By Steven McCaffery
A FURTHER summer of rioting – that left cracks in the power-sharing government and exposed tensions inside unionism – has sparked fevered speculation over the future direction of politics in Northern Ireland.
All sorts of groups have been swept into the mix: the DUP, Sinn Féin, the police, the Parades Commission, the Orange Order, the victims of violence, loyalists, the Ulster Unionist Party and the Traditional Unionist Voice.
But the only players in the peace process who have been notable by their absence are the British and Irish governments.
Behind the scenes London and Dublin have pressed Stormont leaders to take action to ease tensions.
But during a year of turmoil in Northern Ireland, where politicians have relied heavily on the police to hold things together, the British and Irish governments have played no significant public role.
This has largely been overlooked because of the elevation of the forthcoming Haass talks – which, it should not be forgotten, were initially planned as a safety valve to ease tension on issues such as flags and parades – but which have increasingly been billed as political penicillin to cure all Stormont’s ills.
But there is a further factor which obscures the absence of the two governments.
For years now the success of the peace process has been measured by the degree to which locally elected politicians can `stand on their own feet’ and `manage their own affairs’.
This is language that has been encouraged by the two governments but arguably overlooks the historic sectarian divisions that still exist.
The Good Friday Agreement of 1998 never envisaged Stormont flying solo and the strain on the wider peace process is showing.
The power-sharing government between unionists and nationalists was always supposed to be one leg of a three-legged stool.
The internal Northern Ireland arrangements were to be supported by strong East/West links with London, as well as North/South structures connecting with Dublin.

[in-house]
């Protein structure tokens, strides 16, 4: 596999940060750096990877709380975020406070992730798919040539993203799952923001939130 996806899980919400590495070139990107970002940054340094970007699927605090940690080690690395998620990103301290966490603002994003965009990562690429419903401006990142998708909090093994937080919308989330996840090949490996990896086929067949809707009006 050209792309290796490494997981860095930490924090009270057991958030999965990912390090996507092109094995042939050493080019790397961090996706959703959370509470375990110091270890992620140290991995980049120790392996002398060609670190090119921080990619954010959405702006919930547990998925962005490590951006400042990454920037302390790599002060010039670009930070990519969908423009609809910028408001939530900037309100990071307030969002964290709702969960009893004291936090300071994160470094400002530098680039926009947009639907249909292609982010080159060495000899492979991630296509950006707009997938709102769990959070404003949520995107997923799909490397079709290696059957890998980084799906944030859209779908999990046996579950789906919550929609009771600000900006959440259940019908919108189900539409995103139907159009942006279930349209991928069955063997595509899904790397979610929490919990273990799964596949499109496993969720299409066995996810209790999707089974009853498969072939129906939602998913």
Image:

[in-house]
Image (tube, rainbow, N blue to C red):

But the British and Irish governments are widely regarded as having disengaged.
Their legs of the stool have become barge poles to keep Stormont at a distance: “Goodbye Belfast – see you at the next cross border meeting…”
Stormont is rightly criticised for the continuing instability, but part of the reason the stool is wobbling is because the London and Dublin legs are weak.
The flags crisis of last winter exposed the level of political disinterest in London and the erratic role of the Secretary of State’s office.
The Irish government is overwhelmed by economic woes and when its coalition parties do raise Northern Ireland issues it is often through the prism of their growing electoral battle with Sinn Féin in the Dáil.
And so, perhaps conveniently, the measure of success in the peace process has become the degree to which Belfast politicians can go it alone.
Huge progress has been made since the 1990s and today’s events bear no resemblance to the terror of the past – but all the major steps forward in the peace process have been made with outside help or outside pressure.
Now the talks to be chaired by former US government envoy Richard Haass provide a golden opportunity for the British and Irish governments to step up their public role in affairs.
There is a major focus on how the talks will discuss disputes over flags and parades, but that arguably deals with the symptoms of division and not the root cause.
It is being forgotten that the agenda for the talks also includes the more ambitious target of dealing with the fallout from the decades of conflict to help build real reconciliation – but that would require major input from the British and Irish governments.
And as things stand, it is the one area of the Haass agenda where observers are least hopeful of progress.
There is no pressure on the British and Irish governments to change that.
The public debate is focused entirely on whether Stormont politicians can crack a more limited deal, and then get on with their work.
But if Peter Robinson’s leadership comes under further pressure, if more of the deals brokered between his party and Sinn Féin unravel, there may not be much more work to get on with.
Meanwhile, the mistakes of the past continue to echo through the present.
The riot that hit Belfast city centre earlier this month took place on Royal Avenue. The same street was the scene of sectarian fighting as far back as 200 years ago.
It is still possible that Northern Ireland politicians could make the necessary compromises to move the peace process forward, but some appear unwilling to engage in realistic negotiations, while others are focused on next year’s elections.
This divided society continues to need as much outside help as it can get.
After the Belfast riots, London and Dublin shouldn’t be allowed to get away in the smoke.